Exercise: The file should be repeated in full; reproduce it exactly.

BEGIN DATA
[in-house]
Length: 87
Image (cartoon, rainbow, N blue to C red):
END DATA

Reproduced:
[in-house]
Length: 87
Image (cartoon, rainbow, N blue to C red):